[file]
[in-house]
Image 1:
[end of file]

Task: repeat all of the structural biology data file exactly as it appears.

[in-house]
Image 1: